This aspect of the meat processing protocol is obviously not something that fast food restaurants or the USDA think that you need to know about, because they consider it a process, not an ingredient. Are they asking us to believe that no trace of the ammonia remains in the meat after it has been marinated in the stuff? Seriously?

Apparently so, because the USDA has not required any special labeling for processed meat products that have been treated thusly, and it is estimated that up to 70% of the ground beef on the market has been processed this way. The beef and chicken products in your child's school lunch have almost certainly been through this process and the people who choose to purchase this chemical drenched food on behalf of you and your kids have the nerve to refer to it as "safe" and "wholesome". !!!

Why would they put caustic chemicals in your food? Because the folks in charge of food safety at the USDA have decided that the minuscule chance that there could be E. coli or Salmonella contamination in your meat products necessitates carpet-bombing it with caustic sterilizers. If meat is raised, slaughtered and handled with care and common sense cleanliness practices instead of living it's life knee deep in sewage in a CAFO and then cranked through a rendering plant, the odds of it ever needing such extreme treatments are virtually none. Fear has brought us here, but isn't this "food" what we should be afraid of?

My very favorite food crusader, Jamie Oliver, breaks it down in the video below. Please watch, and better yet - show it to your kids. I'm very conscious of the food my kids eat, but watching this has made me want to redouble my efforts to keep these "foods" out of my kids' mouths and bellies.

I became a farmer in part to ensure that I knew exactly what was going into my family's mouths. Obviously, not everyone can take that route. The steps that anyone can take to avoid and reject this notion of food are these-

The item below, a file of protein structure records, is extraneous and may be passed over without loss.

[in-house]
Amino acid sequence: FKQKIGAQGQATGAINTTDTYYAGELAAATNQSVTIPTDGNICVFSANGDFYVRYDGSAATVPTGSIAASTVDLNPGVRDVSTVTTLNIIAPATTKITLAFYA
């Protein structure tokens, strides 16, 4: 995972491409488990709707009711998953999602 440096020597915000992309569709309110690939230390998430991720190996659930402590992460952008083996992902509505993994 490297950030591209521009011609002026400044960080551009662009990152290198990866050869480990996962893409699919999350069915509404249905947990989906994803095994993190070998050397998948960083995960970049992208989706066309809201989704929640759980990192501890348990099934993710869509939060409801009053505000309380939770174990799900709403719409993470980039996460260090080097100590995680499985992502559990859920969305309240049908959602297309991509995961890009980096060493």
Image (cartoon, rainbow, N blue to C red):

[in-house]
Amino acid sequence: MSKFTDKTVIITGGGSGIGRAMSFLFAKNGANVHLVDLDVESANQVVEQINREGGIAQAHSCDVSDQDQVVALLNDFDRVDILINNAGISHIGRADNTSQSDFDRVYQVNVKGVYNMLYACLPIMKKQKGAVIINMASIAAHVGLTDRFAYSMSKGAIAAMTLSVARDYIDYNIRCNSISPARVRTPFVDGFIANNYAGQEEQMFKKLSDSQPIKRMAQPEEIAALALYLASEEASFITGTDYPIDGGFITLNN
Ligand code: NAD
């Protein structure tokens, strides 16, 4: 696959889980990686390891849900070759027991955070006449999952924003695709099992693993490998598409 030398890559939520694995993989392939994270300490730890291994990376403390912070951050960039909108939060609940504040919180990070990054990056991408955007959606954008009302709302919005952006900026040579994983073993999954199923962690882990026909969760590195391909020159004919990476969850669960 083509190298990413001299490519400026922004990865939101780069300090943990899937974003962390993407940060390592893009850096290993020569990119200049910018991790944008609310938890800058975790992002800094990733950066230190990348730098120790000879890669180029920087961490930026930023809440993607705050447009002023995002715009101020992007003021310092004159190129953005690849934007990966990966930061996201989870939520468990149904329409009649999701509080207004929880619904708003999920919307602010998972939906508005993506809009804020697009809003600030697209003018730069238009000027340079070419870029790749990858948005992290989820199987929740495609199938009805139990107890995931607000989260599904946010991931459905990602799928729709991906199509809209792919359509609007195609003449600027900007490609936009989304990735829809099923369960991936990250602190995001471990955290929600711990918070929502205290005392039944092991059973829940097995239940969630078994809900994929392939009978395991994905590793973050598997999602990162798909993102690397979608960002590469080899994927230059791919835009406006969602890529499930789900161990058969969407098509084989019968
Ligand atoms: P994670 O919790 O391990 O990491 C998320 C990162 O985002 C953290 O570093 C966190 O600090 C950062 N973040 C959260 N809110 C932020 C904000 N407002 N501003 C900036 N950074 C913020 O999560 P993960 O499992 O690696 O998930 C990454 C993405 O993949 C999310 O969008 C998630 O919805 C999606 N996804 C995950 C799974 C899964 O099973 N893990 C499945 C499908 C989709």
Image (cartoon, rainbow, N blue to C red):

Stay informed! Read labels, ask hard questions. You have every right to know the story behind your food.

Advocate! Let the people who are making these food choices on behalf of us all know that these are unacceptable practices. Make your preference for truly wholesome, recognizable food known!

Reject! Refuse to eat or serve foods made with these highly processed ingredients. For me, this will mean packing my kids' lunches everyday. A great pass/fail test for food - if your Grandma wouldn't recognize the ingredients, don't eat it!

Monday, January 30, 2012

Upcycled Crafting: T-shirt Headband

I have been having a mad love affair with Pinterest for the past few months. Have you too been sucked into it's shiny orbit?

In the event that you have not, Pinterest is "virtual pin board" loaded with brightly colored images of DIY projects, striking photographs, fashions finds and more. It goes beyond eye candy; for an easily dazzled thrifty crafter like me, it's more like eye crack.

And so, I've been self-medicating with gorgeous photographs of other folks' art and craft projects, and have pinned a whole mess of DIY goodies and crafts that I want to try my hand at. Today's venture was the "T-shirt Headband", using a few of my favorite elderly t-shirts.

The process is explained completely here, though I still had to find a YouTube video to get the hang of a 5-strand braid.

My first attempt was a herringbone-type braid, using 5 strands of 1" wide fabric (the salmon colored braid), followed by two goes with the 5-strand braid as shown in the video. They came ok for a newbie, I think -

The t-shirts that I used were probably not the best suited for this project. They had lost some of their elasticity in their old age, and the strands didn't really curl into themselves (as did the strands in the tutorial), leaving me with flatter pieces and the occasional visible raw edge.

I also had a spot of trouble keeping my tension consistent, but now that I feel like I have these braiding techniques figured out, I think my next few tries will come out better.

Lastly, here is my Lil' Peanut modelling my favorite of the lot-